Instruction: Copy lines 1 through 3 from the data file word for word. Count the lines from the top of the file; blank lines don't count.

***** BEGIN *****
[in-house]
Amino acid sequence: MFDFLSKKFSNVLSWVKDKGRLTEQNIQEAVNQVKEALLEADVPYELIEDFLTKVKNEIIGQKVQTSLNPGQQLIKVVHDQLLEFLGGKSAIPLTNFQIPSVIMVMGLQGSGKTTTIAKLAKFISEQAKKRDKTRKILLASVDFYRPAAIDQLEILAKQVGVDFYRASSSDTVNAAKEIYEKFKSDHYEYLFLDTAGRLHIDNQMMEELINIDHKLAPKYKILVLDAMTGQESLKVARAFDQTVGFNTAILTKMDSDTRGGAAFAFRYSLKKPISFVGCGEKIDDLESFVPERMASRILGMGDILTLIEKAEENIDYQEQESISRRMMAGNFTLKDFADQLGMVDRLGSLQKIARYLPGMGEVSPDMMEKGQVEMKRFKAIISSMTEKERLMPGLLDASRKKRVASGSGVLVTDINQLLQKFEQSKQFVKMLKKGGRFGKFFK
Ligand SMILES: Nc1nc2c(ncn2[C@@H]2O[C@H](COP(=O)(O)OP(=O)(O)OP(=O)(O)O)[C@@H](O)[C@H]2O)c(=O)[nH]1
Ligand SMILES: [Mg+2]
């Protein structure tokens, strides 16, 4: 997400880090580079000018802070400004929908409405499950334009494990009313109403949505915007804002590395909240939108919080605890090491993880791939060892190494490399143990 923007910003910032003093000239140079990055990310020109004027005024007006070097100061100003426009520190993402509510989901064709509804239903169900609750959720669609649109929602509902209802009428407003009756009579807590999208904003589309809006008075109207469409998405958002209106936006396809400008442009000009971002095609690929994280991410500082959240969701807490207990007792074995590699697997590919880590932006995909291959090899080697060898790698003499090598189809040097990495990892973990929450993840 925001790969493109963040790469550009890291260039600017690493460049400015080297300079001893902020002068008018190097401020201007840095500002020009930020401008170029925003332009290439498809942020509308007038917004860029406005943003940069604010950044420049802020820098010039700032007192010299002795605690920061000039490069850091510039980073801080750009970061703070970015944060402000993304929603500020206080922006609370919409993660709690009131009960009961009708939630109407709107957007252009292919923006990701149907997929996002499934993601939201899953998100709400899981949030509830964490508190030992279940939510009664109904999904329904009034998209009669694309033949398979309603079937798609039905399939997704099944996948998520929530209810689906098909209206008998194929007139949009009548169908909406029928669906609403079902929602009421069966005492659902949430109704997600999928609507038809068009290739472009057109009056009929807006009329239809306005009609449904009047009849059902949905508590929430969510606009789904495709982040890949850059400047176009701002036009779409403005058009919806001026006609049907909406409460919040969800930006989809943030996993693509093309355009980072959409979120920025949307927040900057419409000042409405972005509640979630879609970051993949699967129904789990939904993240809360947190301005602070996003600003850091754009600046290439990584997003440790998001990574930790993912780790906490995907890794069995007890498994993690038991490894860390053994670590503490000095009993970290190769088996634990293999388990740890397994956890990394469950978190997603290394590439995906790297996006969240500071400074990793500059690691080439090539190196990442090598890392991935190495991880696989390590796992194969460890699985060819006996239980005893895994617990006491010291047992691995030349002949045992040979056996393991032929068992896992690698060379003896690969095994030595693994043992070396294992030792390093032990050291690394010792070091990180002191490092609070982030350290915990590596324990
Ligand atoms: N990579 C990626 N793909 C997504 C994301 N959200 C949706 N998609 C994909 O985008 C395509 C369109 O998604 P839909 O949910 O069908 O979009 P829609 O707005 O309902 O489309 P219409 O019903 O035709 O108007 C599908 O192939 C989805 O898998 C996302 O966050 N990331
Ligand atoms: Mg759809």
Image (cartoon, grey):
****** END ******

[in-house]
Amino acid sequence: MFDFLSKKFSNVLSWVKDKGRLTEQNIQEAVNQVKEALLEADVPYELIEDFLTKVKNEIIGQKVQTSLNPGQQLIKVVHDQLLEFLGGKSAIPLTNFQIPSVIMVMGLQGSGKTTTIAKLAKFISEQAKKRDKTRKILLASVDFYRPAAIDQLEILAKQVGVDFYRASSSDTVNAAKEIYEKFKSDHYEYLFLDTAGRLHIDNQMMEELINIDHKLAPKYKILVLDAMTGQESLKVARAFDQTVGFNTAILTKMDSDTRGGAAFAFRYSLKKPISFVGCGEKIDDLESFVPERMASRILGMGDILTLIEKAEENIDYQEQESISRRMMAGNFTLKDFADQLGMVDRLGSLQKIARYLPGMGEVSPDMMEKGQVEMKRFKAIISSMTEKERLMPGLLDASRKKRVASGSGVLVTDINQLLQKFEQSKQFVKMLKKGGRFGKFFK
Ligand SMILES: Nc1nc2c(ncn2[C@@H]2O[C@H](COP(=O)(O)OP(=O)(O)OP(=O)(O)O)[C@@H](O)[C@H]2O)c(=O)[nH]1